Veterans upgrading less than fully honorable discharges should apply to their branch of service’s Discharge Review Board or Board for the Correction of Military Records. Both Boards generally have the authority to modify most military discharges. However, the Boards cannot modify discharges that were included in the sentence of a general courts martial. Deciding the Board to send your application to can be a complex legal question. A veterans law attorney can help you prepare a discharge upgrade application.

Choosing Between the BCMR or DRB

One of the first decisions Veterans must make after deciding to upgrade a less than fully honorable discharge is determining whether to apply to the Board for the Correction of Military Records (“BCMR”) or the Discharge Review Board (“DRB”). The decision to apply to a BCMR can be a complex legal decision that should not be made without the advice of counsel. This information is provided for educational purposes only.

The first factor to consider in choosing between the BCMR and DRB is the legal time limit for applying to each board. Veterans may only apply to a DRB fifteen years from the date of discharge. This is a strict deadline. Veterans that miss this deadline from the DRB are typically referred to the BCMR. Veterans may apply to the BCMR within three years of the date the Veteran discovers the “error or injustice” in their military records. Unlike the DRB, the BCMR is permitted to waive the three-year deadline.

In addition to statutory time limits, choosing between the BCMR and DRB will depend upon the information that needs to be amended in the Veteran’s record. For example, a discharge review board cannot upgrade a dishonorable discharge or bad conduct discharge issued by a “general courts martial.”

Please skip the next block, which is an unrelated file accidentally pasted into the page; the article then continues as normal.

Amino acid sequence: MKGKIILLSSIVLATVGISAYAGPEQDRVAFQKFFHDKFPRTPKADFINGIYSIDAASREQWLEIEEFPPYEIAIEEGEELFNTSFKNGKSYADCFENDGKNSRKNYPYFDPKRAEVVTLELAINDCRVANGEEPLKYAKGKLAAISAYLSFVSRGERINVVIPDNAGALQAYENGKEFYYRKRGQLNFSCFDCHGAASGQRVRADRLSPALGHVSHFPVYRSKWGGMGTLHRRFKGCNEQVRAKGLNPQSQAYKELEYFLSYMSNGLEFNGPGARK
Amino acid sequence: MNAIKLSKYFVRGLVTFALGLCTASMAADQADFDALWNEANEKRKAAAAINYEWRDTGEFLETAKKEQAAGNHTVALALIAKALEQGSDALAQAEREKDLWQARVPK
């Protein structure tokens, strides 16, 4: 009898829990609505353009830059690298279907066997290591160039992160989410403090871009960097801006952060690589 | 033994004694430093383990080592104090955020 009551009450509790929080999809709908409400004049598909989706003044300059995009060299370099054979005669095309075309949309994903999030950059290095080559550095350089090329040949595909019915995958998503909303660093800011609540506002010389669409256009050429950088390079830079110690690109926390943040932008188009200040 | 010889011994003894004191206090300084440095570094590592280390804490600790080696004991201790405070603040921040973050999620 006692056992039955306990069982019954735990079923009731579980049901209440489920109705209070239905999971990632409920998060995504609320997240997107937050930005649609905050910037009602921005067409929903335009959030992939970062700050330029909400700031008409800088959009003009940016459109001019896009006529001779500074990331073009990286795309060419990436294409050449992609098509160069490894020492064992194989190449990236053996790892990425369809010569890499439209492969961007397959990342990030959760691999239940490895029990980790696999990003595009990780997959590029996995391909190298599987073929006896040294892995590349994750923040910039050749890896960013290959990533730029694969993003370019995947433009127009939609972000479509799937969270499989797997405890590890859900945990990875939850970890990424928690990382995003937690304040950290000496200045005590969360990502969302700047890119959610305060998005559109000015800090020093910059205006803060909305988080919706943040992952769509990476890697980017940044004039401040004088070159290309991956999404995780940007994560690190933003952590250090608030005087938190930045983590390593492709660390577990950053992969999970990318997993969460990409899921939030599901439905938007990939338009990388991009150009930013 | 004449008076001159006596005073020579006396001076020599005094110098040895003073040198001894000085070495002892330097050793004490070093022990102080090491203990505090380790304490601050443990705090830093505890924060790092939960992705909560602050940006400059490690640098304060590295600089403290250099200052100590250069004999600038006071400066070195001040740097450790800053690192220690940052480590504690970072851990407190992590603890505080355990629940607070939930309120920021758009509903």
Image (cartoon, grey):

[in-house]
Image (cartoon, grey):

It is important to remember that many of these rules are based upon legal “terms of art” and exceptions to rules may apply. You should not apply to a BCMR or DRB without consulting with a veterans law attorney.

Assistance with BCMR and DRB Issues

Both the BCMR and DRB will issue a written decision on your discharge upgrade application. In most instances, Veterans can appeal adverse decisions to federal courts within six years of receiving the adverse decision. In some instances, it is possible for a Veteran to file a new, separate application with the BCMR after the DRB has denied a discharge upgrade application.

Because of the different options available to Veterans with other than honorable discharges, it is important for Veterans to consult with a veterans law attorney prior to applying to either the BCMR or DRB. In some instances, VA benefits may be available to Veterans with bad paper discharges, even if the Veteran’s BCMR or DRB has denied a discharge upgrade application. The Boards do not grant VA benefits – this is a separate application.

Veteran Esquire Legal Solutions, PLLC, assists Veterans from across the Nation in discharge upgrade and correction of military record cases. Please click here to contact a veterans law attorney. Veteran Esquire Legal Solutions offers free consultations for Veterans and their family members on discharge upgrade and correction of military records cases.


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